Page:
The overall transport group witnessed a growth of 13.92pc. This growth was mainly driven by an increase in imports of road motor vehicles (build unit, CKD/SKD) and CBU during the months under review.
An increase of 60.36pc was seen in imports of textile group — raw cotton, synthetic and artificial silk yarn.
Pakistan’s top economic decision-making body, the Economic Coordination Committee (ECC), is expected to approve a new five-year textile policy this week, with incentives worth more than Rs900 billion ($5.6 billion) for the industry and an aim to increase exports to $21 billion in five years, officials have said.
Textiles make up more than half of Pakistan’s exports, but have lost ground to South Asian neighbors in recent years, hurt by chronic energy shortages and underinvestment in machinery.
But this year, after Pakistan lifted its comprehensive coronavirus lockdown in May while other countries in the neighborhood kept their economies closed, international textile orders have been diverted to Pakistan, leading to a nine-year record in exports. The South Asian nation has now drafted a new policy to augment the gains, officials say.
“The textile policy has already been approved by the prime minister, which will be presented in the ECC next week,” Aliya Hamza Malik, parliamentary secretary for commerce, told Arab News. “After ECC approval, the policy would be a pubic document,” she added, saying the government of the ruling Pakistan Tehreek-e-Insaf (PTI) party had granted Rs900 billion ($5.6 billion) in incentives to the textile sector in the new policy, the country’s third.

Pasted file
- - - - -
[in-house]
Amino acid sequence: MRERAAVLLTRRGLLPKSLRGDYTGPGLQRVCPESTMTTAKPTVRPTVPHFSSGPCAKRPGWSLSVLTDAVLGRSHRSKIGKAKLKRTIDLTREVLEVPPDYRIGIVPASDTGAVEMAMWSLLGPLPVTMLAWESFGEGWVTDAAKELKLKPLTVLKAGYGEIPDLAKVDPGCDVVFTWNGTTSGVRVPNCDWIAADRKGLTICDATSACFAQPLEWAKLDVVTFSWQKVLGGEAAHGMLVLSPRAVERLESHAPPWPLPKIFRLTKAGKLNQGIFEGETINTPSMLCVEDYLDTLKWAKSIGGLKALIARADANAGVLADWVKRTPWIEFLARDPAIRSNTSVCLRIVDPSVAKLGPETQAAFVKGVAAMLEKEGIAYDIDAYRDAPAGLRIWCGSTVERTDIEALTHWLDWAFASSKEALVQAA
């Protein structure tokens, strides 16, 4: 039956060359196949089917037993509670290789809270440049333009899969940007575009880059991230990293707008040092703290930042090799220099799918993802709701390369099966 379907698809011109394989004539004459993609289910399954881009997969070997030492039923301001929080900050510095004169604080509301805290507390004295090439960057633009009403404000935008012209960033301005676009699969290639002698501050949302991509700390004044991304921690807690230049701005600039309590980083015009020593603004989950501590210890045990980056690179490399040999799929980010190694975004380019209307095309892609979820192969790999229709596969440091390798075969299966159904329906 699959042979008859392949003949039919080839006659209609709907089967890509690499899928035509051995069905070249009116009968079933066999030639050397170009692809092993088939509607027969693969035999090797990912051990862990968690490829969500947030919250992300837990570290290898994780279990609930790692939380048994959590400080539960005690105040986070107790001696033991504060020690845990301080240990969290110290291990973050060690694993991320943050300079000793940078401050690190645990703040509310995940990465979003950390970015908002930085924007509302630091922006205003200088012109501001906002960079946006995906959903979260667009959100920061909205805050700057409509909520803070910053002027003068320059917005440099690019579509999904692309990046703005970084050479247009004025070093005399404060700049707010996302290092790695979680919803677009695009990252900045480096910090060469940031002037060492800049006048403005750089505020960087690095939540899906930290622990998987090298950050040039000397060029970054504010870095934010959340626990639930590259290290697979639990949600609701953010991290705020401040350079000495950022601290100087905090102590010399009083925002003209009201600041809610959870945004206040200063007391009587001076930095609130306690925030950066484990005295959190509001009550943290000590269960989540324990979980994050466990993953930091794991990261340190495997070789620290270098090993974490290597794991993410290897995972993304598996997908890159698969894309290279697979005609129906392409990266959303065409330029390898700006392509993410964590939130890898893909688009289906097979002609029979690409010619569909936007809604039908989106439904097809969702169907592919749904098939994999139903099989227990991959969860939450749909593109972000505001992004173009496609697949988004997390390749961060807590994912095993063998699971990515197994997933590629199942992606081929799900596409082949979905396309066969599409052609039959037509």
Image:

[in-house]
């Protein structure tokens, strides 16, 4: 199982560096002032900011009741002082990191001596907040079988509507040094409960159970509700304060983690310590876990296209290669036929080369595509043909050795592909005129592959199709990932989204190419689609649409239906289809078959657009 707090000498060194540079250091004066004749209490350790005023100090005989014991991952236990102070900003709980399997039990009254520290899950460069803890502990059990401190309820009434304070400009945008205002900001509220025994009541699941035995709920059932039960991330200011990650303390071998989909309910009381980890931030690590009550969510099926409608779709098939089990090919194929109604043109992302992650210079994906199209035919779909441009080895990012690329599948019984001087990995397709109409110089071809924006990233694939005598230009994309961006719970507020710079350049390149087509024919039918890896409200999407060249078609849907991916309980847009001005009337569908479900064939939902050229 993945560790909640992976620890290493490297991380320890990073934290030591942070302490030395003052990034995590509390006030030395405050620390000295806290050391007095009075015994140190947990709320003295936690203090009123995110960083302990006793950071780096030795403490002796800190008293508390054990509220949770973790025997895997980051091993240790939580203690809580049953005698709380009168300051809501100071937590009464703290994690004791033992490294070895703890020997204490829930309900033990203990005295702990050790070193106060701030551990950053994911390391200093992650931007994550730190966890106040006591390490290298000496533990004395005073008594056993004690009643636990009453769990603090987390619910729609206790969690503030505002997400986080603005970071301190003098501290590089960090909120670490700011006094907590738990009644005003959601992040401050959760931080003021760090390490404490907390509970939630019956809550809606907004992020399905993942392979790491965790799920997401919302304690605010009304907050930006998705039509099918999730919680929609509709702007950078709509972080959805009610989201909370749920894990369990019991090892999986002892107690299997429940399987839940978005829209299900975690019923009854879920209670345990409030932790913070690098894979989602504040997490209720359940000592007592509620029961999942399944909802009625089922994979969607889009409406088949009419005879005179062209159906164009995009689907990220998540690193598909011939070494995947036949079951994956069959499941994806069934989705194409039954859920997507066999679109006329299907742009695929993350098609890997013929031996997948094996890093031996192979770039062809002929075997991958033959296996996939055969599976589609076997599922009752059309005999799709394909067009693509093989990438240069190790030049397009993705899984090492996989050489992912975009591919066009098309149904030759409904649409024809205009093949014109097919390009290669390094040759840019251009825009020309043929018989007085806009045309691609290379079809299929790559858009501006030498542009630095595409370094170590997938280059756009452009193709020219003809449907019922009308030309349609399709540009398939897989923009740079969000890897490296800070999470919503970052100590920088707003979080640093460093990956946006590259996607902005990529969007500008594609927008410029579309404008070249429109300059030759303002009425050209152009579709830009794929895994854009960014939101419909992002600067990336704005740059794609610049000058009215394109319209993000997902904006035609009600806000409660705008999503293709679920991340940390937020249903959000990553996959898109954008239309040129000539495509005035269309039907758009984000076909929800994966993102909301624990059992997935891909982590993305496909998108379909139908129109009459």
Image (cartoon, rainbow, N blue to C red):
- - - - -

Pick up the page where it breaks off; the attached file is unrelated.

The textile industry, which comprises 46 percent of the total manufacturing sector and provides employment to around 25 million Pakistanis, contributes 8.5 percent to the GDP, according to the Pakistan Board of Investment. It also contributes 60 percent to overall exports and is one of the major earners of foreign exchange for Pakistan.
Despite a global economic slowdown due to COVID-19, Pakistan’s textile sector reached $6 billion exports in the first five months of current fiscal year (July-November 2020), which is 62 percent of total exports (worth $9.7 billion) and almost 5 percent higher compared to the same period last year, official data shows.